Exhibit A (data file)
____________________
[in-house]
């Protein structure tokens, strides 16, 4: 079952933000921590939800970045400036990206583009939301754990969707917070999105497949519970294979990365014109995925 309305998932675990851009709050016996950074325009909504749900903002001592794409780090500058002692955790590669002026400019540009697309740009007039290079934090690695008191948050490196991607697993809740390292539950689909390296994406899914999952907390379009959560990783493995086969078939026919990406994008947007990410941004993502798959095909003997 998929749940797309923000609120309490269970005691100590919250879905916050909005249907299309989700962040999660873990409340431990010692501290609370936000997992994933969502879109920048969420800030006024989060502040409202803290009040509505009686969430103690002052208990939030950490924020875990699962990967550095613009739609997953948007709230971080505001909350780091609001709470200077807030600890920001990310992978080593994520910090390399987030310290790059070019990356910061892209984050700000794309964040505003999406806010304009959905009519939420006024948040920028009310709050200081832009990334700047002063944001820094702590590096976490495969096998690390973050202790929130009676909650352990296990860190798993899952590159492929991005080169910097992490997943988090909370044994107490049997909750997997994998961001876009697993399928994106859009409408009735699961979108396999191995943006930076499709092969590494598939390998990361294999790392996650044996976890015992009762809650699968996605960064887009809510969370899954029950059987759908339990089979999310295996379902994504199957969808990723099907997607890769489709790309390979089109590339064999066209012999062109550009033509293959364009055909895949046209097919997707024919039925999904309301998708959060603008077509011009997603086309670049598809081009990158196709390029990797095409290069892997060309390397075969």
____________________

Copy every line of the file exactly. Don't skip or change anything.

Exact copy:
[in-house]
């Protein structure tokens, strides 16, 4: 079952933000921590939800970045400036990206583009939301754990969707917070999105497949519970294979990365014109995925 309305998932675990851009709050016996950074325009909504749900903002001592794409780090500058002692955790590669002026400019540009697309740009007039290079934090690695008191948050490196991607697993809740390292539950689909390296994406899914999952907390379009959560990783493995086969078939026919990406994008947007990410941004993502798959095909003997 998929749940797309923000609120309490269970005691100590919250879905916050909005249907299309989700962040999660873990409340431990010692501290609370936000997992994933969502879109920048969420800030006024989060502040409202803290009040509505009686969430103690002052208990939030950490924020875990699962990967550095613009739609997953948007709230971080505001909350780091609001709470200077807030600890920001990310992978080593994520910090390399987030310290790059070019990356910061892209984050700000794309964040505003999406806010304009959905009519939420006024948040920028009310709050200081832009990334700047002063944001820094702590590096976490495969096998690390973050202790929130009676909650352990296990860190798993899952590159492929991005080169910097992490997943988090909370044994107490049997909750997997994998961001876009697993399928994106859009409408009735699961979108396999191995943006930076499709092969590494598939390998990361294999790392996650044996976890015992009762809650699968996605960064887009809510969370899954029950059987759908339990089979999310295996379902994504199957969808990723099907997607890769489709790309390979089109590339064999066209012999062109550009033509293959364009055909895949046209097919997707024919039925999904309301998708959060603008077509011009997603086309670049598809081009990158196709390029990797095409290069892997060309390397075969």